“Live music became something to calm her, but more importantly, it lessened the distinction between her and others without learning disabilities.”
My autistic sister is quiet and a little shy, but she loves a good tune. I’ve been an avid music lover all my life, attending gigs and spending obscene amounts of money on band merchandise. Live music concerts were something I had always enjoyed with my Dad; I went to my first concert in 2014, to see Laura Marling. I fell in love with live music and looked for any opportunity to go.
Later that year, Bastille announced they were playing the Cambridge Corn Exchange and I begged to go. My sister Emily overheard me and began to ask questions about concerts. She decided she wanted to go to see if she would enjoy it. My dad booked us tickets in the seating area reserved for those with disabilities, where it is less crowded and closer to the stage. Here, my sister’s love of live music began.
As many concert goers are aware, the queue outside of gig venues is always loud, full of smoke and people pre-drinking before the doors open. This environment is my sister’s worst nightmare. Luckily, those who have tickets in the area reserved for people with disabilities are allowed to enter the venue through a side entrance. It has wheelchair access but is also much quieter than the main entrance queue. Many people who have autism struggle with large groups of people at the best of times, so the separate entrance was key in making my sister feel welcome and excited for the event, rather than become overwhelmed and anxious.
Upon entering the venue, we were given special neon stickers to let the venue staff know we were allowed through the side doors into the reserved seating. Emily kept on telling me she felt like a VIP. There was a smile on her face the whole evening. The view of the stage was impeccable, and we were given free Bastille wristbands. The combination of the freebee and the kind staff meant Emily had found a love for music concerts.
After Bastille followed Paloma Faith, Tom Odell and Lonely The Brave. In the summer, my Dad and I convinced the whole family to come to the Cambridge Folk Festival with us. It is such a relaxed and welcoming environment. We felt at home as soon as we stepped through the door. Many of the acts at the festival handed out free merchandise, including CDs and badges. Emily loved sitting in brightly dyed tents, eating organic ice-cream, tapping her foot along to the beat of the music. Live music became something to calm her, but more importantly, it lessened the distinction between her and others without learning disabilities. She often tells me that seeing bands and hearing live music makes her feel ‘normal’. As her sister and carer, it is heartbreaking to hear how she recognises how she is different, and then assumes that this means she is disadvantaged. I am thankful to the music industry for helping my sister to come out of her shell and find confidence in herself.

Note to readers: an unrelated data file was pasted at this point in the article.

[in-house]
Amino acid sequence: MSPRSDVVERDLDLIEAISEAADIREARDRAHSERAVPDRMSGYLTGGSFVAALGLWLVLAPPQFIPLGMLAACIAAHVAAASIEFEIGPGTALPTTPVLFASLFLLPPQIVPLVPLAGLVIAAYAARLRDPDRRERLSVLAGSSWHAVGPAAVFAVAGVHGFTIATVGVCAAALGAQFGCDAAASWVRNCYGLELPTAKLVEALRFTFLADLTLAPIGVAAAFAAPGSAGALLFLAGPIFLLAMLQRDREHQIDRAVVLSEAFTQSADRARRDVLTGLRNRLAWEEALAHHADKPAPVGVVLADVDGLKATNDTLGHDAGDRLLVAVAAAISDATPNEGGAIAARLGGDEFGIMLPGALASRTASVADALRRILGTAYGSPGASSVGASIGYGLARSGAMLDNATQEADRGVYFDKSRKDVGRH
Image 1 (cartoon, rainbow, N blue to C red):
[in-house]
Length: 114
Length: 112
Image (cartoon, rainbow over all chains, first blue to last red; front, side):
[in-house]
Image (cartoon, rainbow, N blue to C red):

Recently, I’ve come to realise that music has offered Emily more than just an appreciation for music. Being able to navigate festival grounds with me by her side helps her to navigate bustling city centres. Hearing music played through massive speakers helps her to remain calm when those around her at college are a little too noisy. Not only does the experience of attending a concert excite her and provide her with a thrill, but I’ve seen how her eyes light up when she talks to her peers and teachers about the gigs she’s been to and the bands she has seen. It also provides her with topics of conversation and, more importantly, the confidence to talk about herself without being shy and anxious when she is speaking to others.
The Nurse Journal outlines how music can be used in therapy for children with autism. It speaks of how we can “use a song or instrument to support cognitive activity so that we can build self-awareness and improve relationships with others.” There are many elements within music that can help children and adults with autism. Importantly, the lyrics can help with communication. The Nurse Journal speaks of the positive impact music can have on communication, stating: “for children with autism, this could mean learning a new word from a song, or better understanding how to act in a social situation based on the messages that a song is expressing.” It is clear that music and live music is an enjoyable experience for many, but it is so important to recognise how attending concerts and singing along to your favourite songs can help development in children and adults with autism.
Chris Blake recently wrote an article for the National Autistic Society, explaining how there are “positive relational and behavioural responses from children with autism when exposed to live music.” The entirety of the article questions why music isn’t recognised as having a significant positive impact on the behaviour and development of those with autism. I agree with his sentiments: why aren’t more people talking about the positive impact music can have on those with autism?
Going to music concerts and listening to live music gives my sister so much more than the experience on the night. Concerts have given her the confidence to talk about her experiences, her hobbies and herself with pride.